Nineteen children and two teachers were killed on Tuesday, when an 18-year-old gunman stormed into Robb Elementary School in Uvalde, Texas and locked himself in a fourth grade classroom.
Salvador Ramos, 18, had an AR style assault rifle on him and had recently legally purchased two weapons and more than 1,600 rounds of ammunition.
Authorities said they found more than 300 rounds inside the school including 142 bullets that had been fired.
The president and his wife lay a bouquet of flowers at a memorial site to the victims that has sprung up outside of Robb Elementary in the days since the attack. They then solemnly inspected portraits of the victims that have been left at the site. The first lady and president could be seen on video touching some of the photos. The two then attended mass at Sacred Heart Catholic Church just a kilometre from the school.
The attack in Uvalde is the deadliest school shooting in the US since 2012, when 26 people, including 20 children, were killed at Sandyhook Elementary School in Newtown, Connecticut.
It has shaken the community of 15,000 to its core and once again ignited a furious and often repeated debate on gun control in the US.
Thousands gathered outside the National Rifle Association’s annual convention held in Houston, Texas, just a four drive from Uvalde, to protest against America’s biggest gun lobby.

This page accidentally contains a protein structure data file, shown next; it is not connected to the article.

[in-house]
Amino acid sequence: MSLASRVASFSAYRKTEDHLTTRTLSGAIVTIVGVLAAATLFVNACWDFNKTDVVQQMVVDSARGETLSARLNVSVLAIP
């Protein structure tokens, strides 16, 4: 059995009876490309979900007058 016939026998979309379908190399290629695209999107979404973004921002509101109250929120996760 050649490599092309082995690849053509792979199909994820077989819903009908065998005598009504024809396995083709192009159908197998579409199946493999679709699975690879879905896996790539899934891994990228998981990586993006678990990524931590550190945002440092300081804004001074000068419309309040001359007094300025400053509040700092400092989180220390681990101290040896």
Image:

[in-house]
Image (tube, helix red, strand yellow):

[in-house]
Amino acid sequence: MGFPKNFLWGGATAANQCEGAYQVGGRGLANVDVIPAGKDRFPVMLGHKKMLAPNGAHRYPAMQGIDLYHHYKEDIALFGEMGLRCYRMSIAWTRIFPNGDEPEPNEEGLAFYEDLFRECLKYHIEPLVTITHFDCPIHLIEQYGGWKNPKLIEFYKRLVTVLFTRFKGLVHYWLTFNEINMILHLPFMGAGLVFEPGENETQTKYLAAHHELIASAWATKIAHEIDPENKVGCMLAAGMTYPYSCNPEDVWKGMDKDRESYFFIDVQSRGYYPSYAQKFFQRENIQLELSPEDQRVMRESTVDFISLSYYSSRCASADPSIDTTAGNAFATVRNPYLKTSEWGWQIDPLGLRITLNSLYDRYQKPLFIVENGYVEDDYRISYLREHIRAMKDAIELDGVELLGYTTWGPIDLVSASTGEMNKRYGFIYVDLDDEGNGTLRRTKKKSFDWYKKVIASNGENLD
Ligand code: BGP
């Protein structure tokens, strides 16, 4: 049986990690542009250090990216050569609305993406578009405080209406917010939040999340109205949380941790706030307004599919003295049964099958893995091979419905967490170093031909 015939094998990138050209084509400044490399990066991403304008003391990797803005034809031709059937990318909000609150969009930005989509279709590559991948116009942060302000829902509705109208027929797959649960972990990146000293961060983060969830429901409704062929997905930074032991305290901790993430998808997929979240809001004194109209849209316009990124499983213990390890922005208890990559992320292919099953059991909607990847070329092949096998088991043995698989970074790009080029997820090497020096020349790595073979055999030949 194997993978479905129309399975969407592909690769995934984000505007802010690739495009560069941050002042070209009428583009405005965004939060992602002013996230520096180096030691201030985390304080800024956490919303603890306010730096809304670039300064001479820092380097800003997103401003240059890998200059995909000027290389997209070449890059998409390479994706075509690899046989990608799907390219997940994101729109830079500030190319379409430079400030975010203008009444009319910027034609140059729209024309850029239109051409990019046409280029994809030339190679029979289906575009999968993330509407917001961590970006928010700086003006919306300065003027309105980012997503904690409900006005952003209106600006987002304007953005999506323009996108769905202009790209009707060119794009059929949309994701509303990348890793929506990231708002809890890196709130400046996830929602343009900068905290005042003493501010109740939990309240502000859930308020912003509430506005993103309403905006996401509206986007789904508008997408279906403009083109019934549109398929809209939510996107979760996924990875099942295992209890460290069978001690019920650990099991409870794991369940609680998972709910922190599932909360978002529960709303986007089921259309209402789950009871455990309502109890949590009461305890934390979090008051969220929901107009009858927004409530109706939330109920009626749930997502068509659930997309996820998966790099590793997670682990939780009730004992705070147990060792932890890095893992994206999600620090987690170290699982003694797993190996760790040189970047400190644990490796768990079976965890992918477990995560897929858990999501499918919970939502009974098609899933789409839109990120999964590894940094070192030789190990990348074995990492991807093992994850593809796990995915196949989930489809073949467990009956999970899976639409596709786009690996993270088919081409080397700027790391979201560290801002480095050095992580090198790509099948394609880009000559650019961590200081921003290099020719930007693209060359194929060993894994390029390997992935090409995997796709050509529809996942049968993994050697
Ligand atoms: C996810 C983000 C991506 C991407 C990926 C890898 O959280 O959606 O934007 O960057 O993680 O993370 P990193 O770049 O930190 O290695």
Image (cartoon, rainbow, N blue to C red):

Former President Donald Trump, who headlined the event, denounced calls for gun regulations and said now was a time to “unite”.
Police have been heavily criticised for failing to intervene in the attack earlier. On Friday, it was revealed that 19 police officers were in the hallway waiting to breach the classroom door for 45 minutes.
“Of course it was not the right decision. It was the wrong decision,” said Steven McCraw, Texas Department of Public Safety Director.
"From what we know, we believe there should have been an entry as soon as you can," he added.
Texas Governor, Greg Abbott, who initially praised law enforcement's response has had to walk back his previous comments.
"I was misled," he said at a news conferencing on Friday. "I am livid about what happened."
"Those are families whose lives have been destroyed. They need answers that are accurate and it is inexcusable that they may have suffered from any inaccurate information whatsoever," he added
President Biden was expected to meet with families of those killed in Tuesday’s shooting as well as survivors later on Sunday.
The president was also expected to meet with first responders.
Mr Biden’s trip to Uvalde was the second time in two weeks he had travelled to comfort an ailing community.
Earlier this month, he visited Buffalo, New York after a gunman opened fire at a shopping centre, killing 10 people, in what authorities have said was a racially motivated attack.
Agencies contributed to this report